The Paradox of the Bali Starling.
Catherine Wheeler on Bali's most fabled and highly-prized mascot
Bali's most famous bird is also its most elusive. The species is highly endangered. But the rarity of the Bali starling in its own territory has been contrived to maintain an artificially high price. The cost of these birds is higher inside Indonesia than anywhere else, and breeding permits here are almost impossible to obtain.
The Bali starling should be as common as the pigeon in Bali. The glossy little white bird breeds freely in captivity, even thriving in outdoor aviaries in the English winter. Artificially incubated, a single breeding pair can parent up to 25 birds a year. In more natural conditions, a pair of birds produces between one and four eggs every three months with a survival rate of about ten chicks a year. They begin breeding at about the age of two and continue reproducing for ten years. That's a lot of birds.
So why is the Bali starling still so scarce that almost no body has ever seen one? Unfortunately, the little bird is a lot more valuable as a rarity than it would be if it was allowed to reproduce with its customary enthusiasm. And there are vested interests in keeping it that way. It's extremely difficult to obtain a captive breeding license; in Bali, only the Bali Bird Park, Bali Barat National Park and the Begawan Giri Foundation have them. Illegal trade in Bali starlings is rampant, with each bird fetching about $1000 on the black market. In Java there are two commercial breeders of the Bali starling. In Bali there are none. Captive breeding programs at Bali Barat National Park, the Bali Bird Park and Begawan Giri Foundation have all experienced robberies of their Bali starlings. Poaching in the National Park is common.
Bradley and Debbie Gardner, former owners of Begawan Giri estate, had long been intrigued by the paradox of this artificially rare bird. In 1999 they began to set the wheels in motion to import and breed the Bali starling, since they were unable to obtain permission to breed local birds. Drh Bayu Wirayudha, a Balinese veterinarian specializing in birds, helped start the captive breeding program. After a grueling four months of paperwork, the Gardners were able to import two breeding pairs into Bali. From these four birds, and with exchanges of birds to increase the breeding stock, many generations have been hatched and the Begawan Giri Foundation (BGF) Bali Starling Recovery Project was established in 2001.
Bayu, who had successfully bred Bali starlings at the Bali Bird Park since 1993, began to build up the collection. The birds bred well in Begawan's high, wet location. He began to look for a safe place in which the birds could eventually be released back into the wild. Although he located several areas that would be ideal, he was unable to get official approval.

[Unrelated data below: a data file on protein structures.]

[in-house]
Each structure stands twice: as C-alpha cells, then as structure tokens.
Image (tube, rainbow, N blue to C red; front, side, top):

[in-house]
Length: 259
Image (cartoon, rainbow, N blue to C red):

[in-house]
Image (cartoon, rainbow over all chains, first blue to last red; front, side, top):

In 2004, Bayu approached the communities on Nusa Penida with the concept of making the island a bird sanctuary for Bali. Over time, all 35 of the traditional villages agreed to support the program. Reforestation, conservation education and other support activities began in the villages. In 2006, the BGF moved all its Bali starlings to Nusa Penida, and began releasing them in July. A second release took place in December of that year, following the success of the first release. The adult birds have paired, nested and begun breeding in the island's coconut plantations. At the time of writing (September 2009), 65 birds have been released and 62 chicks have hatched in the wild.
Bayu has high hopes that the program will succeed. Through his approach to all the villages individually Bayu, in his role of founder of the Bird Sanctuary, has concluded a traditional agreement, known as awig-awig with all 35 villages to declare Nusa Penida as a sanctuary for birds. Awig-awig is a religious commitment to protect the birds, which are individually dedicated to the temples before release. Highly trained local staff monitor the birds and continue local education programs. Not a single bird has been poached. Tourists are already beginning to visit Nusa Penida to see the Bali starlings, the beginning of an eco-tourism that could bring badly needed income to the island.
In April 2007, President Yudhoyono of Indonesia visited Nusa Penida and personally opened the cages to release 12 young Bali starlings. He thanked Bayu for his work conserving the species-the first official support the initiative has ever received.
‘The Paradox of the Bali Starling’ and other stories appear in her book ‘Dragons in the Bath‘. (2009), which saw its revised edition in October 2009. Environmentalist and writer Catherine Wheeler has lived in Bali 9 years. Her work explores issues, cultural bafflements and the minutae of daily life in Bali.